-"Fishberries" is one of the many names (including Indian Nut and Levant Berry) of the dried fruit of the Southeast Asian plant Anamirta Cocculus. Fishberries have been used medicinally for numerous afflictions for many centuries including seasickness, though as Mary states its primary action upon the consumer is one of stupefaction. For a time in the 19th century, brewers would infuse their products with fishberries to increase the effects of intoxication, but the practice was outlawed through the UK around the middle of the century. The specific term "fishberry" comes from a practice in which the dried fruit was thrown into the water by fishermen to be eaten by the fish which were then stupefied and could simply be caught by a net.

-Sea coat and fishing nets: Saint Peter in John 21

-Seven stones would be roughly 98 pounds.

-"Fired up by the best bits of some of my countrymens' novels..." Mary's fantasy relates primarily to Robert Louis Stevenson's Kidnapped and The Master of Ballantrae.

-"The John B. Sails" is a folk song likely originating sometime in the 19th century from the Bahamas that first appeared in print in Harper's Magazine in 1916. Richard le Gallienne transcribed it and it also appeared in his novel Pieces of Eight the following year. The song again became popular when it was covered in 1966 by The Beach Boys.

-"dumb like sheep before our shearers" Isaiah 53:7

-The article referenced is from an actual edition of the Savannah Morning News and reflects the reality of the culture Mary and Rebecca are about to be inserted into. The Washington referred to is Booker T. Washington (Mary's presumption that he must be related to George Washington only further demonstrates her naivete in regard to the situation), and for a time in the 20th century the "compromise" he was influential in working out would be seen as detrimental to the ultimate goal of proper civil rights, although in modern times it is viewed more as a natural part of the process of allowing a generation to pass in which everyone became accustomed to the fact that pre-Civil War society was a thing of the past never to be brought back again no matter how much a certain segment of the population wished it to be so. The hallmarks of the compromise were simply a "gentlemens' agreement" in which the black population would no longer strive for the full rights of citizenship so long as the white population would end its violent ways and stop terrorizing the freed men (and women and children) and provide them with vocational training (as opposed to full education). By today's standards this is culturally backwards in every sense, and things would not begin to change until the time of W. E. B. Dubois in the 1930s who paved the way for the Civil Rights generation in the 1960s. Coming to America, particularly the South, at this time, Mary and her sister are fully ignorant of what all of this means and Mary, in particular, is going to receive a rude awakening when she is put into position to experience the prevailing attitudes of the time first hand.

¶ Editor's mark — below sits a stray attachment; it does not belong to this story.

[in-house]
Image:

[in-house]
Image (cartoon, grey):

The fishwives of Fisherrow, circa 1900.